duplicity


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du·plic·i·ty

 (do͞o-plĭs′ĭ-tē, dyo͞o-)
n. pl. du·plic·i·ties
1.
a. Deliberate deceptiveness in behavior or speech.
b. An instance of deliberate deceptiveness; double-dealing.
2. The quality or state of being twofold or double.

[Middle English duplicite, from Old French, from Late Latin duplicitās, doubleness, from Latin duplex, duplic-, twofold; see dwo- in Indo-European roots.]

duplicity

(djuːˈplɪsɪtɪ)
n, pl -ties
deception; double-dealing
[C15: from Old French duplicite, from Late Latin duplicitās a being double, from Latin duplex]
duˈplicitous adj

du•plic•i•ty

(duˈplɪs ɪ ti, dyu-)

n., pl. -ties.
1. deceitfulness in speech or conduct; double-dealing.
2. a twofold or double state or quality.
[1400–50; late Middle English duplicite < Middle French < Medieval Latin, Late Latin duplicitās; see duplex, -ity]
syn: See deceit.
ThesaurusAntonymsRelated WordsSynonymsLegend:
Noun1.duplicity - a fraudulent or duplicitous representation
deception, misrepresentation, deceit - a misleading falsehood
2.duplicity - acting in bad faith; deception by pretending to entertain one set of intentions while acting under the influence of another
dissimulation, deception, dissembling, deceit - the act of deceiving

duplicity

duplicity

noun
The act or practice of deceiving:
Translations

duplicity

[djuːˈplɪsɪtɪ] N (frm) → doblez f, duplicidad f

duplicity

[djuːˈplɪsɪti] n (= deceitfulness) → duplicité f, fausseté f

duplicity

nDoppelspiel nt

duplicity

[djuːˈplɪsɪtɪ] n (frm) → doppiezza, duplicità
References in classic literature ?
He did not know, to be sure, that I had overheard his council from the apple barrel, and yet I had by this time taken such a horror of his cruelty, duplicity, and power that I could scarce conceal a shudder when he laid his hand upon my arm.
She suddenly felt ashamed of her duplicity, but even more she dreaded how he might meet her.
That was a feeble evasion, but Godfrey was not fond of lying, and, not being sufficiently aware that no sort of duplicity can long flourish without the help of vocal falsehoods, he was quite unprepared with invented motives.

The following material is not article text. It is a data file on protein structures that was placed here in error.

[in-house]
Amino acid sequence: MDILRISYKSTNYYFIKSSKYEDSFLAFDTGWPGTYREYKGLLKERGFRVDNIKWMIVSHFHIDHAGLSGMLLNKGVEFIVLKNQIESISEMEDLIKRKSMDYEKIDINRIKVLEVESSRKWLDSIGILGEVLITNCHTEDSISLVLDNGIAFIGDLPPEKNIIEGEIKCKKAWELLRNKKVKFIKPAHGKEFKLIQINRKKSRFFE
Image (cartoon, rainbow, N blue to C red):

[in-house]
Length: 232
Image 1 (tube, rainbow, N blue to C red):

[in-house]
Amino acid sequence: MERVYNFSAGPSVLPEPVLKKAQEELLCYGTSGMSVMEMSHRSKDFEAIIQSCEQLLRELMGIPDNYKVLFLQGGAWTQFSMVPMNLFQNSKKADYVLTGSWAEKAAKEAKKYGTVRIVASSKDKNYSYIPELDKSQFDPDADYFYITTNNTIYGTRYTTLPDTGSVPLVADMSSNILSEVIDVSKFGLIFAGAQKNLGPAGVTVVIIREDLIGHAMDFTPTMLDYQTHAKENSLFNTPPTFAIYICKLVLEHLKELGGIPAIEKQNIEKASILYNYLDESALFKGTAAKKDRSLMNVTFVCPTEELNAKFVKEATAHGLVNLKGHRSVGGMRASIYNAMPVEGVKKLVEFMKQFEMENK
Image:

If I were not afraid of judging harshly, I should be almost tempted to say that there is a strong appearance of duplicity in all this.
The marquise perceived, with sorrow rather than indignation, that the king was an accomplice in the plot which betrayed the duplicity of Louis XIII.
She has a great charm; a little artificial, a little fatigued, with a little suggestion of hidden things in her life; but I have always been sensitive to the charm of fatigue, of duplicity.
The bank had continued to take in money for a whole day after its failure was inevitable; and as many of its clients belonged to one or another of the ruling clans, Beaufort's duplicity seemed doubly cynical.
he continued hurriedly, evidently no longer trying to show the advantages of peace and discuss its possibility, but only to prove his own rectitude and power and Alexander's errors and duplicity.
Although her duplicity in the affair of the house had exceeded what he knew, and had really hindered the Plymdales from knowing of it, she had no consciousness that her action could rightly be called false.
Achmet Zek would never permit the wealth that he had discovered to slip through his fingers, nor would he forgive the duplicity of a lieutenant who had gained possession of such a treasure without offering to share it with his chief.
to those sounds which, in the pleasant mansions of that gate which seems to derive its name from a duplicity of tongues, issue from the mouths, and sometimes from the nostrils, of those fair river nymphs, ycleped of old the Naiades; in the vulgar tongue translated oyster-wenches; for when, instead of the antient libations of milk and honey and oil, the rich distillation from the juniper-berry, or, perhaps, from malt, hath, by the early devotion of their votaries, been poured forth in great abundance, should any daring tongue with unhallowed license prophane,
This trick did not suggest duplicity or secretiveness, but merely long habit, as with the horse.